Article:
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View Diary: My hours are cut and I'm told to "thank Obama" (68 comments)

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  •  I have a simple solution. (12+ / 0-)

    Universal single-payer health care.

    Or, since that isn't "realistic" for some reason, reverse the penalties. Make it so having part-time people without offering insurance costs more in fines than full-timers.

    The problems that exist in the world today cannot be solved by the level of thinking that created them. - Albert Einstein.

    by Cvstos on Sat Jun 15, 2013 at 06:06:08 PM PDT

    •  It is unrealistic because (2+ / 0-)

      Then all the preventable ailments from corporate pollution would all be there for the world to see.

      There is good reason why single payer was off the table. It would cut into profits.

    •  Single payer (1+ / 0-)
      Recommended by:
      Gooserock

      it gets blocked because it would mean massive taxes. (like we are not paying now for other peoples insurance and health care with our taxes).

      It would be something like a 7% payroll tax and a 6% income tax.  On top of current taxes.

      That is what the average person sees.  They don't see they would be paying less by not having to pay co-pays, deductibles, monthly premiums, etc.  Those are not 'taxes', and only the premium is seen in the pay stub.  But make FICA/Medicare double and they would freak.  that is the biggest wall to Single Payer.  (next biggest is the "you will wait for months to see a doc." stuff).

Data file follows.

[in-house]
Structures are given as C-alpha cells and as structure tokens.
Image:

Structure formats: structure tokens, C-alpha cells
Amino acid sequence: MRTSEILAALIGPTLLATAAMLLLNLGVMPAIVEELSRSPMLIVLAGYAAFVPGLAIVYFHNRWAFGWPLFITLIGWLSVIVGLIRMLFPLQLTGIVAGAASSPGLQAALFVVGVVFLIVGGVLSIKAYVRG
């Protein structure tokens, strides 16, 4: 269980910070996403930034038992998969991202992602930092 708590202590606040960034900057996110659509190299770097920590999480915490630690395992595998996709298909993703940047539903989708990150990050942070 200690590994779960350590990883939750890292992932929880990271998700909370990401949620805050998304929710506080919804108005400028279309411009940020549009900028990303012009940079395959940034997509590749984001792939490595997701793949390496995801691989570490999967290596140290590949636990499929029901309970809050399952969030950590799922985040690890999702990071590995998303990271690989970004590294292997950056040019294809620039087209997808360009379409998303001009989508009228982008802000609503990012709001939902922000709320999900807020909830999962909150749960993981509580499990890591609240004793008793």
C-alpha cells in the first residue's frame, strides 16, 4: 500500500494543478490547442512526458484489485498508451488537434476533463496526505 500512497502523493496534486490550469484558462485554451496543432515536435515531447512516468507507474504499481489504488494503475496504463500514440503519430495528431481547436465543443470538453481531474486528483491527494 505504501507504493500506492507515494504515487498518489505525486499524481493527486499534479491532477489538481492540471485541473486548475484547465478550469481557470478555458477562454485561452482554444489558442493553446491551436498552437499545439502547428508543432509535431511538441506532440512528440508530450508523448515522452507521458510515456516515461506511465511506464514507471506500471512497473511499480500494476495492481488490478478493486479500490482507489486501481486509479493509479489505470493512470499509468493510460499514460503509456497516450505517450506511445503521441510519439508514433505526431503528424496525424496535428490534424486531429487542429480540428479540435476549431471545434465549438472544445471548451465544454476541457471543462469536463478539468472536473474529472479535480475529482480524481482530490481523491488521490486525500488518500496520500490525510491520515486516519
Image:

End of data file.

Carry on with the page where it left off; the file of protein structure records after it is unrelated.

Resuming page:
In the EMS world you don't see a lot of support for single payer, mostly because we get to see first hand how Medicaid is abused.  Which makes us question what it would be like if "everyone" had Medicaid.  (http://youtu.be/... and http://www.youtube.com/... and the classic http://youtu.be/... )

      Stupid question hour starts now and ends in five minutes.

      by DrillSgtK on Sat Jun 15, 2013 at 06:45:58 PM PDT

      [ Parent ]

      •  We Also Pay for Others' Care When We Buy Our Own (0+ / 0-)

        treatments.

        We are called to speak for the weak, for the voiceless, for victims of our nation and for those it calls enemy.... --ML King "Beyond Vietnam"

        by Gooserock on Sat Jun 15, 2013 at 07:09:05 PM PDT

        [ Parent ]

      •  Their FICA/Medicare (1+ / 0-)
        Recommended by:
        OutcastsAndCastoffs

        would not double with an efficient, government run system.

        Right now the US government spends of 5% of it's GDP on health care to cover a small portion of the US citizens.
        http://www.cbo.gov/...

        Japan spends a total of 8.1% of GDP to cover 100% of its citizens.
        http://en.wikipedia.org/...

        Cutting the military to a reasonable size would provide the money to cover everyone.

        We won't do it only because the MIC and the HCIC are both too powerful.

        Republican tax policies have led to financial conditions which have caused Republicans to demand cuts to programs they have always opposed.

        by AppleP on Sun Jun 16, 2013 at 04:26:21 AM PDT

        [ Parent ]

      •  They tried to do Medicaid on the cheap (0+ / 0-)

        by underpaying primary care doctors and they have found out about the need for proper primary care doctor payment (after a mere 35 years).

    •  If the ACA has problems when implemented (0+ / 0-)